Penn State New Ken celebrates 25 years of offering classes to youth
Nicole Hohman just returned from studying for a semester in France, but when she was in grade school, an opportunity closer to home gave her a chance to feel like she was experiencing education in new and exciting ways.
That was at Penn State New Kensington's Kids in College program.
Hohman, 20, appreciated how the program — which offers summer camps and classes to students in the Alle-Kiski Valley — gave her an opportunity to go above and beyond what she learned in the classroom.
“What I loved about the Kids in College program was that it allowed me to feel like a serious student,” the Springdale resident says. A senior at Allegheny College in Meadville, Hohman is majoring in International Studies and French.
“It takes something that seems so far away, so grown-up, so giant — a college — and makes it feel attainable and fun,” she says.
Celebrating its 25th anniversary, the program has given the same opportunity to more than 7,000 students. Its offerings have expanded from about a dozen in its inaugural year to nearly 40, among them art, drama, math and science classes, as well as sports camps for students in first through 12th grades.
“We offer an opportunity for (students) to come to a college campus and be part of the campus atmosphere while participating in some fun summer activities,” says Debbie Novak, youth-programs coordinator at Penn State New Kensington.
Some of the classes, like Kids in College's theater camp, have started; others run through August. The bulk of the offerings take place the second and third weeks of July. Registration is open until the day a class begins.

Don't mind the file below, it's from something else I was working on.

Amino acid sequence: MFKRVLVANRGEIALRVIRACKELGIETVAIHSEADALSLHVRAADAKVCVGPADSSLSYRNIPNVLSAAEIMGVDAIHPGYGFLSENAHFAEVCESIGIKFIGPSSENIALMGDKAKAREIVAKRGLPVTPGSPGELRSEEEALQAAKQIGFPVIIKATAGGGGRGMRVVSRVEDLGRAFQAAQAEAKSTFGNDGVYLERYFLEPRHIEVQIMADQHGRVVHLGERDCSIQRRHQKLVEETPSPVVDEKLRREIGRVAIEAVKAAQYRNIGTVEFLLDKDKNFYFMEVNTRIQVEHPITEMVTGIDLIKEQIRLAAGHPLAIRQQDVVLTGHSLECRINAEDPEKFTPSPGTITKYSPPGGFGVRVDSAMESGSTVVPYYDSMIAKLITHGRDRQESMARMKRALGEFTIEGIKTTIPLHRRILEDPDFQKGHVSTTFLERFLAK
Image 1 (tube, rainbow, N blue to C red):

To celebrate the anniversary, organizers have added additional programs to the regular lineup. Those include a presentation from the Carnegie Science Center called “Rockin' Robots: World Tour,” a “Wild World of Animals” wildlife show and dedication of a time capsule that will be opened in 2038 — 25 years from now.
“If anyone is interested in joining us, this is a great year,” Novak says.
Many adults join the Kids in College year after year.
Among them are the instructors, who range from area elementary and high-school teachers to Penn State faculty to individuals who operate local businesses.
Their involvement, according to program aide Sharon Levett, is a large part of its staying power.
“The dedication of the staff to make it better and better each year is what I think the driving force of the program is,” she says.
“They just bring so much knowledge with them and just make it fun for the kids — they are learning while they really don't realize they're learning.”
Initially, the program lasted one week, but as class variety expanded, so did program length.
Kids in College is keeping pace not only with student interests but also with the future, with classes focusing on technology, science and health.
JoAnn Wesolosky, who teaches art at Kiski Area Intermediate School, instructs Kids in College art classes. She says she tries to incorporate math and science concepts into her classes. This summer, she is teaching Ukrainian Easter-egg painting, bead and jewelry making, oil pastels and sculpture.
“It gives me an opportunity to teach things I wouldn't get to teach in a traditional setting,” she says. “It's a very enjoyable experience.”
“Being in a ‘big students' classroom” helps make the program work, according to Jamie Weston, a stay-at-home mom who, at one time, taught at Evangel Heights Christian Academy, Buffalo Township.
Weston, an instructor for “Hands on Science,” which offers 10 focused lab experiments, believes students can thrive in the atmosphere that Kids in College provides.
“Everybody is enthusiastic about it,” she says. “It keeps the kids focused on education through the summer in a fun, exciting way. It's not just about getting a grade back or taking homework home. It's outside the box. They're still learning. It's more of a fun activity, too.”
“They're thrilled with being so young and being in college.”
Julie Martin is a contributing writer for Trib Total Media.